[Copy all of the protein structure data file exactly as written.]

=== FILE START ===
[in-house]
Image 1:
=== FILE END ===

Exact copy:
[in-house]
Image 1: